Day 4: September 14, 2008
The Glenmoore Gathering
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Palmantier's is a good place to stay but it does lack an internet connection. I found just what I needed to upload Saturday's journal at the Arcadia Grill and a darned good breakfast, too.

Then it was off to the concours. The weather was almost perfect for today's activities but the rain had caused some big changes. I understand that the cars are usually spread out over part of the golf course but were clustered on higher ground around the club house this year. After being directed to a parking spot in an open subdivision lot, I got in line for the shuttle. It was approaching noon and arrivals were probably near their peak. The fifteen or twenty minute wait was understandable.

An impressive collection of cars surrounded me when I stepped off the shuttle. The closest car in the first photograph is a 1931 16 Cadillac Fleetwood and that's a 1933 Packard Twelve in the second. The cars in the foreground of the next two pictures are all from the same model year - 1934. The black car is a Packard Super Eight. The cream colored one is a Pierce-Arrow 12. I thought I recognized the silver car as a Chrysler Airflow but was only partly right. It's a rarer DeSoto Airflow in an even rarer two door model. The wind tunnel designed Airflows were real standouts at a time when Herbert Hoover had barely left office and the Ford Model B had just come to market. A 1938 Horch Special Roadster and a 1954 Mercedes-Benz 300SL finish out this panel.

I found the cars that normally fill the Motorcar Portfolio along with clusters of Porches, Ford Model Ts, and woodies. A 1928 Indian Scout sat in front of a group of classic motorcycles.

The Cadillac Sixteen Concept Car was there and modern exotics, including a 1001 HP Bugatti Veyron, were arrayed behind the clubhouse. Here is a view of the Veyron's other end. Chuck Mallott (white shirt, last picture) brought a couple of his V8 powered Soltices.

Executive Director David Schultz introduced the judges which included George "King of the Kustoms" Barris.

A 1912 Siddeley accepted an "Award of Distinction" to begin the award presentations. Each class has a winner and, if warranted, one or two "Awards of Distinction". The next car through was the class winner, a 1910 Premier. "Awards of Distinction" went to a 1950 Packard`and a 1960 Imperial. A 1929 dual cowl phaeton Cadillac picked up first in its class. This panel and the next one show only a fraction of the many award winners.

A half dozen first place winners fill this panel. They are: 1) 1928 Isotta-Fraschini. 2) 1933 Packard Twelve. 3) 1940 Packard Darrin. 4) 1924 Bentley Vanden Plas. 5) 1950 Aston Martin DB2. 6) 1957 Dual Ghia D-500.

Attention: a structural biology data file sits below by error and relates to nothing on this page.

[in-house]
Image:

This is one of the Hostetler Hudsons from Shipshewana, Indiana. That is one of the car museums I visited over Memorial Day and I have a picture of this car in the museum. The 1911 33 Speedster didn't win its class, a 1961 Corvette did that, but it did earn an "Award of Distinction" which owner Eldon Hostetler accepted while someone else drove the car. While idling, the car died and Eldon handed off the award to give the car a crank. After a couple of good but unsuccessful attempts, the announcer suggested that pushing the car off might be the better idea. Although he was probably just being polite, Eldon went along with that and hung up the crank. Then the 86 year old Hostetler helped push the car from the circle.

Other awards, including best of show, remained when I decided my day at the concours was done and walked to the trolley pickup point. I found standing room on the next departure.

The McKinley Memorial is a pretty big thing in Canton but I'd never even seen it. I corrected that on this visit but just barely. I told myself it was lack of time that kept me from climbing the steps to the top but it might have been a lack of energy. Watching Eldon Hostetler crank that Hudson must have worn me out.

You may be wondering where pictures of that 1909 Maxwell are. After all, it was the news that it would be here that first got me thinking about coming. I'm talking about the Maxwell that Emily Anderson will drive across the country next year as she retraces Alice Ramsey's drive of a hundred year ago. At the Motorcar Portfolio tent, Rosemary Rubins told me that the car wasn't here. She thought it had to do with transportation but wasn't sure. I later spoke with David Shultz and he left no doubt. Members of both the Anderson and Ramsey families were there but no Maxwell. The transportation company had "dropped the ball" he said. I don't know David Shultz at all so I can't be sure that I read him right but I got the impression that his was not at all happy about that dropped ball.

The good news is that the car is ready and Emily is learning to drive it. I was just one of many people disappointed by not seeing the car on display in Canton but maybe I can make up for it by seeing the car driven through Canton next summer. I'll be watching for news.

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